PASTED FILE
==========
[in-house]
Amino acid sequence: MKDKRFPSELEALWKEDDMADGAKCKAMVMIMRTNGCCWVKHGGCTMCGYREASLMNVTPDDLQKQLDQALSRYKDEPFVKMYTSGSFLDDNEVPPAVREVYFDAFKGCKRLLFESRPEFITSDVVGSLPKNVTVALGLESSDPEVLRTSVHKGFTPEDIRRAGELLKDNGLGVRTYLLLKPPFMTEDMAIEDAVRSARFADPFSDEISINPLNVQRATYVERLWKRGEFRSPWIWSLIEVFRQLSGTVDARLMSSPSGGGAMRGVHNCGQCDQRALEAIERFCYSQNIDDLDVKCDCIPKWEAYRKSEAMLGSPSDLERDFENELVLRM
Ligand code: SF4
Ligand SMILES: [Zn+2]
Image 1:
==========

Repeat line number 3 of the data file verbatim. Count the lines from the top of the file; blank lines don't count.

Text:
Ligand code: SF4